James Watson

James Dewey Watson (born April 6, 1928) is an American molecular biologist, geneticist and zoologist, best known as one of the co-discoverers of the structure of DNA in 1953 with Francis Crick and Rosalind Franklin. Watson, Crick, and Maurice Wilkins were awarded the 1962 Nobel Prize in Physiology or Medicine "for their discoveries concerning the molecular structure of nucleic acids and its significance for information transfer in living material".

Watson earned degrees at the University of Chicago (BS, 1947) and Indiana University (PhD, 1950). Following a post-doctoral year at the University of Copenhagen with Herman Kalckar and Ole Maaloe, later Watson worked at the University of Cambridge's Cavendish Laboratory in England, where he first met his future collaborator and friend Francis Crick.

From 1956 to 1976, Watson was on the faculty of the Harvard University Biology Department, promoting research in molecular biology. From 1968 he served as director of Cold Spring Harbor Laboratory (CSHL), greatly expanding its level of funding and research. At CSHL, he shifted his research emphasis to the study of cancer, along with making it a world leading research center in molecular biology. In 1994, he started as president and served for 10 years. He was then appointed chancellor, serving until he resigned in 2007 after making controversial comments claiming a link between intelligence and race. Between 1988 and 1992, Watson was associated with the National Institutes of Health, helping to establish the Human Genome Project.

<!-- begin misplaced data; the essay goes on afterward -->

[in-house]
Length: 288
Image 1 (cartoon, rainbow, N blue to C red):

Watson has written many science books, including the textbook ''Molecular Biology of the Gene'' (1965) and his bestselling book ''The Double Helix'' (1968).
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